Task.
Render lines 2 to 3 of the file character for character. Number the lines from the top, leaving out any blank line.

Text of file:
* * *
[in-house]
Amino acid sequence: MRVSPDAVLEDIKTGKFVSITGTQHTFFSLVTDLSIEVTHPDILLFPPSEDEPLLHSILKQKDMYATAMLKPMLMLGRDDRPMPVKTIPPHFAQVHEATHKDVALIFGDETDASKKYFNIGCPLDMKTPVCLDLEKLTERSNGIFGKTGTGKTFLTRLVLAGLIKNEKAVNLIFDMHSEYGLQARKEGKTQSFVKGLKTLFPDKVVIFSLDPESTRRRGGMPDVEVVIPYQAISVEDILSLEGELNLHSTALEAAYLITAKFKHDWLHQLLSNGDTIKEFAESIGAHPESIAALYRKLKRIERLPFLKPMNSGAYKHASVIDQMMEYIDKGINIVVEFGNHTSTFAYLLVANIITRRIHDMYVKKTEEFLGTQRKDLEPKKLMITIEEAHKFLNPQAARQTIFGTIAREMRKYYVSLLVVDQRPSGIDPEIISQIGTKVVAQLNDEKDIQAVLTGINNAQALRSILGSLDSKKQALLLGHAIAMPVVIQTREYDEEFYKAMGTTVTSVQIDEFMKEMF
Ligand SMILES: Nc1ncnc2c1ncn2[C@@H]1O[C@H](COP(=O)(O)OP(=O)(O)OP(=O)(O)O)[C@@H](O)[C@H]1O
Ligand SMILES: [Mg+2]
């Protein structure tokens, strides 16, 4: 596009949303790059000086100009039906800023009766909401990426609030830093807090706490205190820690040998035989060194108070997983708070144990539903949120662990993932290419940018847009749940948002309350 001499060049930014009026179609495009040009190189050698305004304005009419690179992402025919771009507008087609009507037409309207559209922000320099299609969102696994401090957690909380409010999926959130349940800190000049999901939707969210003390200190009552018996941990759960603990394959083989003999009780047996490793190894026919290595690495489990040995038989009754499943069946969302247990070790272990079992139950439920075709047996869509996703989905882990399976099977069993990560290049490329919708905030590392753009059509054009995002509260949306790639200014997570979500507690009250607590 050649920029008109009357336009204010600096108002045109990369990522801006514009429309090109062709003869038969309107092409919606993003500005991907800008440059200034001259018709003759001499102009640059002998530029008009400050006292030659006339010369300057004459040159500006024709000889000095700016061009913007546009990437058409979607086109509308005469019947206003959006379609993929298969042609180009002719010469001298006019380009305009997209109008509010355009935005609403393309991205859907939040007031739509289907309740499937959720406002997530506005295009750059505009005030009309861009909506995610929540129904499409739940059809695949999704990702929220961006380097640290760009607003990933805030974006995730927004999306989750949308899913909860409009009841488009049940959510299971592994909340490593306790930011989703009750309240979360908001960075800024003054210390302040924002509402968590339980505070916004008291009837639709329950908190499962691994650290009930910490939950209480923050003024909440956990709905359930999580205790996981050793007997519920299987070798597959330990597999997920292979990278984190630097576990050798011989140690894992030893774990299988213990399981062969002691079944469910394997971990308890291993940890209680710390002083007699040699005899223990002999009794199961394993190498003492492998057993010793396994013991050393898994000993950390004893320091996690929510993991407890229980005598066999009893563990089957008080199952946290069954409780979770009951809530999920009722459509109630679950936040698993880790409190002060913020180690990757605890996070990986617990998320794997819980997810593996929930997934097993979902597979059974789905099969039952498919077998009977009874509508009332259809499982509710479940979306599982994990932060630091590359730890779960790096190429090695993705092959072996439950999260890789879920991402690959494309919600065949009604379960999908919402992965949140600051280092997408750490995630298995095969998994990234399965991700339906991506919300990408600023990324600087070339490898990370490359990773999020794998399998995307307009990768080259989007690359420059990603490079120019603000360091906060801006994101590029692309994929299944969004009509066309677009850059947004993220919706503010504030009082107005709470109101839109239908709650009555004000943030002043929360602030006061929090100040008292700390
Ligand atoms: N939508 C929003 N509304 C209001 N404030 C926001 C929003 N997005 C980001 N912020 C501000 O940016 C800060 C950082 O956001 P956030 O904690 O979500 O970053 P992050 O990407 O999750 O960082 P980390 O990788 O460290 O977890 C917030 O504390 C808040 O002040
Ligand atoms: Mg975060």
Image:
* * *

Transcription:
Amino acid sequence: MRVSPDAVLEDIKTGKFVSITGTQHTFFSLVTDLSIEVTHPDILLFPPSEDEPLLHSILKQKDMYATAMLKPMLMLGRDDRPMPVKTIPPHFAQVHEATHKDVALIFGDETDASKKYFNIGCPLDMKTPVCLDLEKLTERSNGIFGKTGTGKTFLTRLVLAGLIKNEKAVNLIFDMHSEYGLQARKEGKTQSFVKGLKTLFPDKVVIFSLDPESTRRRGGMPDVEVVIPYQAISVEDILSLEGELNLHSTALEAAYLITAKFKHDWLHQLLSNGDTIKEFAESIGAHPESIAALYRKLKRIERLPFLKPMNSGAYKHASVIDQMMEYIDKGINIVVEFGNHTSTFAYLLVANIITRRIHDMYVKKTEEFLGTQRKDLEPKKLMITIEEAHKFLNPQAARQTIFGTIAREMRKYYVSLLVVDQRPSGIDPEIISQIGTKVVAQLNDEKDIQAVLTGINNAQALRSILGSLDSKKQALLLGHAIAMPVVIQTREYDEEFYKAMGTTVTSVQIDEFMKEMF
Ligand SMILES: Nc1ncnc2c1ncn2[C@@H]1O[C@H](COP(=O)(O)OP(=O)(O)OP(=O)(O)O)[C@@H](O)[C@H]1O